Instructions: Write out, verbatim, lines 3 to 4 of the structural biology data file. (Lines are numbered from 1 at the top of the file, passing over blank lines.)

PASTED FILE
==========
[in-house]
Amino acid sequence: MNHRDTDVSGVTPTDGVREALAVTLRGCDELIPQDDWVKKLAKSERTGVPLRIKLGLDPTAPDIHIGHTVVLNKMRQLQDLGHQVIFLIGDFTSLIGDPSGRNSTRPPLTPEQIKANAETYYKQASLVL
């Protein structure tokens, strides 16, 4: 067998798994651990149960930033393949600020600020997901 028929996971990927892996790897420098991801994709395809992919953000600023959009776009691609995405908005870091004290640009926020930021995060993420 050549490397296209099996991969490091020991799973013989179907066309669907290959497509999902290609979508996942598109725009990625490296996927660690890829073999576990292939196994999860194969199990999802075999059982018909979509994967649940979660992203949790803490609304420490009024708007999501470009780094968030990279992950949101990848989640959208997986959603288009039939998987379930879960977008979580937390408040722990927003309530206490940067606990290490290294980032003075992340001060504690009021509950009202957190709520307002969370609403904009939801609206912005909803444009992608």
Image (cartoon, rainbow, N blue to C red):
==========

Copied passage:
């Protein structure tokens, strides 16, 4: 067998798994651990149960930033393949600020600020997901 028929996971990927892996790897420098991801994709395809992919953000600023959009776009691609995405908005870091004290640009926020930021995060993420 050549490397296209099996991969490091020991799973013989179907066309669907290959497509999902290609979508996942598109725009990625490296996927660690890829073999576990292939196994999860194969199990999802075999059982018909979509994967649940979660992203949790803490609304420490009024708007999501470009780094968030990279992950949101990848989640959208997986959603288009039939998987379930879960977008979580937390408040722990927003309530206490940067606990290490290294980032003075992340001060504690009021509950009202957190709520307002969370609403904009939801609206912005909803444009992608």
Image (cartoon, rainbow, N blue to C red):